Saturday, July 4, 2015

Andrew F. Spence

I've blogged about the Spence connection before. But where the father of Sulmena Frances Spence Nace came from has been a family mystery for decades. It's documented that Andrew F. Spence married Mary Lucy Goff, daughter of Archibald Goff, on Dec. 19, 1849. She was about  sixteen. During the course of their marriage, they had ten children. Here's the list from the family Bible:

  • John Henry Spence Born De  24 1850
  • Edward [Lott?] Spence Born Feb 10 1853
  • William [G?] Spence Born Feb  3 1855
  • Mary [?]Spence Born De 5 1859
  • Alexzander [?] A. Spence Born June 8 1863
  • Selmenia F. Spence Born De 14 1864
  • Daniel [might be David?] M. Spence Born June 12 1867
  • Lucie Jane Spence Born De 9 1869
  • Walter F. Spence Born July 9 1875
  • one infant Boy Born Apr 11 1858

The Spences were said to be from the Big Island area of Bedford County, and indeed, many are still there. But Andrew Francis Spence didn't seem to connect to them. Why not?

On September 7, 1860, 33-year-old Andrew, 27-year-old Lucy, their sons John H (age 9), Edward J (age 6), and William A (age 3), and their 4-month-old daughter Mary C.S. were living in the northern district (Lone Pine Post Office) of Bedford County. John was attending school. Also in their household was 30-year-old Mary Sweeney, whose vocation was "serving." Was she employed by the Spences, or was she somehow kin? 

A close look at the 1860 census reveals that Andrew was a stone mason who was born in New York and that his personal estate was worth $200.

Perhaps, being born in New York, he wasn't close kin to the Spences who were already  in Virginia. 

Andrew served in Company C of the 58th Virginia Infantry in the Confederate army—the Big Island Greys (Chilton's/Arthur's Company) of Bedford County. The ten companies in the 58th were from Amherst, Franklin, Patrick, and Rockbridge Counties. The regiment was with General Jubal Early to defend Lynchburg in mid-June 1864. Andrew must have gotten leave a few times, since Alexander was born in 1863 and Frances in 1864.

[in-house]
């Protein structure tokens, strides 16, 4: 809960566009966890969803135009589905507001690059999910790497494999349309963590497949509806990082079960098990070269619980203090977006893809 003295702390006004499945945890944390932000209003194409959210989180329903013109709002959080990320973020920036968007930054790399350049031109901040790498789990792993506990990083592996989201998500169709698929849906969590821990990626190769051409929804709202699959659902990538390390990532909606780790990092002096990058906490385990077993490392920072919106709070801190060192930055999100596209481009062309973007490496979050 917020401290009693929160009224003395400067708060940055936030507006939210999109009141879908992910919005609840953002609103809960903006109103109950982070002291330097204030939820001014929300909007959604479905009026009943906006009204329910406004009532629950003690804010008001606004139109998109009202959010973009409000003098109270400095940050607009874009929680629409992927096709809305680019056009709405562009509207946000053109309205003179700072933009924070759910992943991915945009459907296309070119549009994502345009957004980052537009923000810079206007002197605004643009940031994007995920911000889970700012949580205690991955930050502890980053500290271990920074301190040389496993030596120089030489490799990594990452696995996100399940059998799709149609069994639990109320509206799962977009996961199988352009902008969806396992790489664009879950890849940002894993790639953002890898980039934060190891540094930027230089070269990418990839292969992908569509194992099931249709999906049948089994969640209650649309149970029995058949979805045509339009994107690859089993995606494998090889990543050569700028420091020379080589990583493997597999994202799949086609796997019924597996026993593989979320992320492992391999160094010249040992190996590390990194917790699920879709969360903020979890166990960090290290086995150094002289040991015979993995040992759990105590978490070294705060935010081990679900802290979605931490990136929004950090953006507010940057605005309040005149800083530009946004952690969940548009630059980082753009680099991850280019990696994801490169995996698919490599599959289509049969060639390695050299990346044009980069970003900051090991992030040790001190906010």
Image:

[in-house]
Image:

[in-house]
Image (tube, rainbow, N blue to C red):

In the August 18, 1870, census for the Liberty Post Office area of Charlemont in the Northwest section of Bedford County, the family had increased. Now 4-year-old "Sylwina" (who'd later be known as Frances), 2-year-old Daniel, and baby Lucy had joined the family. John, who'd likely started his own family, was no longer living with his parents. What became of Alexander? He likely died young.

By June 2, 1880,  Andrew and Lucy, along with their 15-year-old daughter Frances had moved to Buchanan in Botetourt County. Son William—now married to a Mary (who is 3 years older than he) and  has three sons (Alonzo-4, Jessie-2, and baby Ira)—either lives with his parents or lives next door. William has apparently followed his father into the stone mason business. But what became of little Daniel and Lucy and Walter and the unnamed baby? Had the Spence family lost four young children in a 10-year period? Five in a 15-year-period? At any rate, half their children didn't survive until adulthood.

Living in Buchanan, Frances was now in a good position to meet William Robert Nace. They were married on December 28, 1882.

Census records aren't available for 1890, so tracing the Spence family isn't easy. Andrew and Lucy don't appear on the 1900 census. However, their son does—a 45-year-old William  Spence and his 48-year old wife Mary are living in Forest in Bedford County. He now is a farmer and owns his land. They have four children at home: Maud, Walter, Bell, and Edgar. 

Also, in 1900, a 47-year-old stone mason named Lott Spence lives at Charlemont in Bedford County with his 42-year-old wife Mollie T, and son and daughter. His brother-in-law, Robert Goff, lives with them. Could Lott be Edward Lott, born in 1853? It seems likely. And there's another Goff connection.

So, part of the Spence mystery  is solved. But there are still some unanswered questions.

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